As part of Vancouver’s efforts to keep pace with global changes in working trends, the city has become home to a growing number of coworking spaces in recent years, enabling solo workers and small companies to share desk space in a communal and collaborative environment.
Flexibility for workers and real estate cost control for employers is a potent mixture fueling the growth of shared workspaces. The rise of these workspaces, being used increasingly by independent workers, professional service firms and remote employees at public companies and multinational corporations, have created a lot of choice for the consumer. In order to ensure continued success, shared space providers will need to focus on evolving their designs, furnishings and amenities to differentiate themselves and provide a superior experience for their clients.
iQ was recently featured in a Globe and Mail article exploring the growing popularity of alternative commercial work spaces. Author Leah Eichler explores how coworking helps companies with shrinking or remote staff streamline their expenses, increase employee productivity and enjoy a sense of community.
Click here to read the full article in the Globe and Mail.
One of the selling points of working in a shared office environment is flexibility, especially for companies that need different work options as they grow. Dean Morrison could be the poster child for workplace flexibility at iQ Office Suites.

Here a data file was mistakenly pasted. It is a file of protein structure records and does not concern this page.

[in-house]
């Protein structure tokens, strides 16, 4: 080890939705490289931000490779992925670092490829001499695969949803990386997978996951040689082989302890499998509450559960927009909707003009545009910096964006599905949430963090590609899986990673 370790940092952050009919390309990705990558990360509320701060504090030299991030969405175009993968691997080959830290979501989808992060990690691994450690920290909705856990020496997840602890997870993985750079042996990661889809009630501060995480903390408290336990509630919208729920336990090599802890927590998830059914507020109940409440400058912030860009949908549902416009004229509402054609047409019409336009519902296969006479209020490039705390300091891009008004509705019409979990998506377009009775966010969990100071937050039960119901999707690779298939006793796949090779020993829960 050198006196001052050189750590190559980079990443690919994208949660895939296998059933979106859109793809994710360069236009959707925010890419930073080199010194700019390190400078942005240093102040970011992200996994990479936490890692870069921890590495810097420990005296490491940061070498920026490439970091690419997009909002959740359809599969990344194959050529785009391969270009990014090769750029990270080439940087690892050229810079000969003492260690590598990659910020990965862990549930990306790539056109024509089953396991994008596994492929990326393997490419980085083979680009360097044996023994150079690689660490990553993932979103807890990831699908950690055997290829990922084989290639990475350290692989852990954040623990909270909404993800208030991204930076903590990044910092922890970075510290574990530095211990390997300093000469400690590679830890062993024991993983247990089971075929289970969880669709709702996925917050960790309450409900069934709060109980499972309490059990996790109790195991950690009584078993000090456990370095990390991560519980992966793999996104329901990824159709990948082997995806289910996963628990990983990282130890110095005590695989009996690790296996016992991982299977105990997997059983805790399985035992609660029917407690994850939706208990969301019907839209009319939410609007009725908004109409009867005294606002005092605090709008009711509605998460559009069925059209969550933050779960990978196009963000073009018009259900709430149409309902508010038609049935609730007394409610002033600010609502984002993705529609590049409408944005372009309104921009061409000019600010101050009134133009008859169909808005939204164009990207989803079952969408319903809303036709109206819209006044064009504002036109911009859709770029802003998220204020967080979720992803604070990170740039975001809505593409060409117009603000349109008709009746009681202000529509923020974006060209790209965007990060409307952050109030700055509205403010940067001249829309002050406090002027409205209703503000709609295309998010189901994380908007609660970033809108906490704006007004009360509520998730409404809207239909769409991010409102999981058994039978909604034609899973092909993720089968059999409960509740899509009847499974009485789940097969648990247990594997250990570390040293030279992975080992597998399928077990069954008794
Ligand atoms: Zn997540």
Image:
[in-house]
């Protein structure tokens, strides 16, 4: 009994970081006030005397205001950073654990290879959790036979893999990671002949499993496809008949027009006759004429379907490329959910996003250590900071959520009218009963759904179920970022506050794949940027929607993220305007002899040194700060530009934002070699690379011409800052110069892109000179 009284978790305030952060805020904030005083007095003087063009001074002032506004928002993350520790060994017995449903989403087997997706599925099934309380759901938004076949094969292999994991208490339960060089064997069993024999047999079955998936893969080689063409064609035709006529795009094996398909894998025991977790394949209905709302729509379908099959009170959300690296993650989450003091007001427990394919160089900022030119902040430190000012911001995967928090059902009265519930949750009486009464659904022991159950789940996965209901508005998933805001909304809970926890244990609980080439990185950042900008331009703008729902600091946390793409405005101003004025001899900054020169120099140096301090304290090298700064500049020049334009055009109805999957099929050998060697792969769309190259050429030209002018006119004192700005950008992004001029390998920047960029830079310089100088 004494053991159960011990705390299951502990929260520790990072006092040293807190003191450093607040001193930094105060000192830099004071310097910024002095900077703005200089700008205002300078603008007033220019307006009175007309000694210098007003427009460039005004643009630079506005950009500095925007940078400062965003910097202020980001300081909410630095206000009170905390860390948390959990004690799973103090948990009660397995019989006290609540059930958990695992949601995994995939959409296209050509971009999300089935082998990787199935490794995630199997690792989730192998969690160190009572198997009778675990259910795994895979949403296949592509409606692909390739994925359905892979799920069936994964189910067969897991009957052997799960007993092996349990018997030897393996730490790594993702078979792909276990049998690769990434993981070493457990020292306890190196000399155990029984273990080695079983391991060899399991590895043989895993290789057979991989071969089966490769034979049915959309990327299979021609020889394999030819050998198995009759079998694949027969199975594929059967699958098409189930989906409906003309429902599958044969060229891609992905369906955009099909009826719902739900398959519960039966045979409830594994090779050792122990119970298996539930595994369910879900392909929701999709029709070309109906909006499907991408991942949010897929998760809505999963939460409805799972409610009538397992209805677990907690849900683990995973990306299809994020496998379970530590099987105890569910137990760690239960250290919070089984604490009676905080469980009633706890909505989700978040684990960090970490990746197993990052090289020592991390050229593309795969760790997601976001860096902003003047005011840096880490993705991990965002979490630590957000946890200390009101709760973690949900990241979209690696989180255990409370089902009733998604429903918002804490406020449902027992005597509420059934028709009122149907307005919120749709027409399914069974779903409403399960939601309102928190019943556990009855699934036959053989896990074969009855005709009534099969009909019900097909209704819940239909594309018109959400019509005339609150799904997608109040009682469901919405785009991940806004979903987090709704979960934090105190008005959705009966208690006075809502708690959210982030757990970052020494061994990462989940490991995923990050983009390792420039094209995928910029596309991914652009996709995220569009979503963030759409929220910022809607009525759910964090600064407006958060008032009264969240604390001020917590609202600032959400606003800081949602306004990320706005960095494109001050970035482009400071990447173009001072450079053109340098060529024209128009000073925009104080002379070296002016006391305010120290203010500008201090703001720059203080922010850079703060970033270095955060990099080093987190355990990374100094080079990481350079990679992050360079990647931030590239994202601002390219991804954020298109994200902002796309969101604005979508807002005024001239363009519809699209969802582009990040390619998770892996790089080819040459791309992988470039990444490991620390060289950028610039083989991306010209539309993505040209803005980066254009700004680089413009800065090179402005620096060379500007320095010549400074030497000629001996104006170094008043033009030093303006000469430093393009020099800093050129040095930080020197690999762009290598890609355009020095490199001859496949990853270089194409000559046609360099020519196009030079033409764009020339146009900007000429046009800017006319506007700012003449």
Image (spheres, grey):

A graphic designer with 18 years of experience in the creative industry and print services, Morrison launched Utopia Creative Group three years ago as a freelance business from his home.
“Home offices are great if you have the right set-up, the right kind of space and the kind of work that gets you out of the house every once in a while,” he says. “But unfortunately I didn’t have enough space or easy access to all the resources I needed, and the home office wasn’t a great place to invite clients for meetings.”
For anyone who works from home, they know that the smallest distractions can become a big nuisance and affect productivity. Another downside of home-based work that’s not commonly realized: Isolation. It can zap focus, emotional stability and even networking skills – a prerequisite for most industries in the professional world.
Understanding the loneliness that comes along with working from home, entrepreneurs, small businesses even satellite locations of major corporations are increasingly moving their teams into coworking spaces – professional environments ideally suited for organizational structures that are flexible, as alternatives to traditional offices.